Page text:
Gene therapy, why?

Genetic disorders can be cured by inserting genetic material into the DNA. Theoretically, this offers many possibilities: hereditary disorders could, for example, be treated by repairing a disease gene or by adding a healthy version to this gene. There are various treatment methods. This depends on the condition. Gene transfer can take place outside or inside the body, in short: a versatility within gene therapy!

What is gene therapy?

Gene therapy is the introduction of genetic material into our body cells for the purpose of medical treatment. In hereditary disorders, this genetic material can serve to switch off a gene that causes a disease by adding a ‘healthy’ gene. Gene therapy can also be used to add extra genes that can contribute to the cure of complex conditions such as cancer and cardiovascular disease

Treatment methods

Depending on the condition, treatment can be carried out by gene transfer outside the body (ex vivo) or within the body (in vivo).

Ex vivo

With the ex vivo method, the cells to be treated are first removed from the patient’s body. These could, for example, be cells from the bone marrow, which are aspirated from a patient’s bone with a needle. Blood cells can be obtained from blood. Cells can also be extracted from a piece of skin or liver that has been surgically removed (biopsy). These cells are then provided with the correct genes in the laboratory and then returned to the patient. Not all conditions can be treated with this method, because not all types of body cells are suitable for it. Examples of conditions that may be treated with this method:

  • Conditions that have their origin in the blood or blood cells
  • Some metabolic diseases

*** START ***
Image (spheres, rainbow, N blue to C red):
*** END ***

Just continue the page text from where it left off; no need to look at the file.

• the conditions under which gene transfer takes place in the laboratory can be easily controlled. This means there is a greater chance of successful gene transfer.
  • The cells that have the new gene can be selected and cultured, resulting in a larger number of cells that all carry the therapeutic gene.


  • A disadvantage is that the treatment does involve surgery, which is painful for the patient. Moreover, restored treated cells in the patient do not always work.


In vivo

With in vivo treatment, the cells in the patient’s body are treated on site. For example, the gene is packaged in a virus, after which it is injected into the patient. This usually happens in the bloodstream, but can sometimes also be in the muscles. The virus then delivers the gene to the appropriate tissue or organ. If the lungs are the target organ of the treatment, an aerosol containing the virus can also be used. By inhaling this mist, the virus then enters the lungs. Examples of conditions that may be treated with this method:

  • Cystic fibrosis
  • Cancer
  • Diabetes
  • Haemophilia

The vector must be carefully targeted at the target organ to avoid gene transfer into the wrong tissues. Research shows that this is often very difficult. It often proves difficult to deliver the gene to enough cells in the body to treat a condition. A lot of research is being done to solve these problems.